Furthermore, there was a more important issue at stake. Whenever I am involved in these types of litigation, I am not satisfied to simply determine the halacha, but I want the two parties to leave b’shalom. To me, this is the most important result – that there should be no lasting ill feeling afterwards.

I thought of a course of action that would accomplish this purpose. First, I asked my wife if she would be willing to look at Mrs. Stein’s gown to see whether she considered the garment un-wearable. Of course I realized that although I value my wife’s opinion, she was not going to make the final halachic decision. However, I was looking to see what she thought and consequently which direction I might take in resolving this shaylah.

In truth, this was the most difficult part of the shaylah. How was I to determine whether the gown was now ruined goods or not? For one woman a garment may be un-wearable and to another it could be perfectly fine. The halacha in such a dispute places the burden of proof on the person who wants to collect the money.

I also asked my wife the following question, after first explaining to her that there was a halachic reason why I needed the information (and therefore no loshon hora was involved). I asked her, “Is Mrs. Stein the type of woman who would be bothered by things that others would not notice?” My wife answered that Mrs. Stein is a very discerning dresser. Thus, I realized that it might be that even if the dry cleaner did what most people would consider the correct course of action, Mrs. Stein would not be happy with the results. On the other hand, it might be that the dry cleaner assumed that the garment was fine, but most people would consider it damaged.

Then I called Mrs. Stein to see if she would mind showing the damage to my wife. My wife felt that although the gown was definitely faded, most women would have worn the garment as is, although a discerning dresser like Mrs. Stein might find the new color unacceptable.

I called the dry cleaner and asked him whether he would be willing to bend over backwards to placate a customer.

“Of course,” he responded, “I never gain anything from an angry customer. Do you know how many people might hear a story like this?”

I assured him that I would try my utmost to be sure that Mrs. Stein obeyed the rules of loshon hora. She is a very fine woman and meticulously observant of halacha.

Mrs. Stein agreed to come to my office to discuss the matter. First I engaged her in some small talk, and then moved the conversation over to the matter at hand. I knew Mrs. Stein to be a woman who was cautious of loshon hora. I just hoped that she did not forget to be careful while she had been so agitated about her damaged gown.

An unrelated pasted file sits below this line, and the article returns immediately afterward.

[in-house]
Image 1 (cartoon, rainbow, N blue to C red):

Indeed, she told me that she had told only one person, other than me, about the ruined gown. She had deliberately decided to tell a friend who does not know where she takes her dry cleaning so that there would be no loshon hora problem. I was extremely impressed about her care in observing halacha under this highly stressful circumstance.

Baruch Hashem, there had been no loshon hora said about this matter. Now to make shalom

I explained to her that I had spoken to the dry cleaner, and that he regretted having not asked her before he used the particular cleaning solution. I also told her that he had used it evenly on the entire garment so that if it would discolor the garment it would leave it in a pretty shade. I then added that I felt the dry cleaner was not guilty from a halachic point of view, but that he was eager to make some restitution anyway because he did not want her to be angry with him.

Mrs. Stein stopped and thought about it. “You know, he has always been so accommodating. I was just surprised and disappointed by him. I suppose not everyone is as fussy as I am. I would be very satisfied if he would make sure to hang up a note to himself in his shop to make sure that he asks every customer before he does something like this again!!”

I had not expected that making shalom would be so easy. I guess that sometimes when you try to do a mitzvah, Hashem makes it easier! And my wife tells me that Mrs. Stein wore a different outfit to the simcha, which was absolutely stunning.